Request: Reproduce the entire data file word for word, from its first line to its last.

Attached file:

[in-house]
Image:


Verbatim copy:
[in-house]
Image: